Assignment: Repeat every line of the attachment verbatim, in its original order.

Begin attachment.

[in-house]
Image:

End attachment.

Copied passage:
[in-house]
Image: